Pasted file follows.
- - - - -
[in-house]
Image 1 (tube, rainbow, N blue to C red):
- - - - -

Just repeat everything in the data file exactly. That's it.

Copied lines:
[in-house]
Image 1 (tube, rainbow, N blue to C red):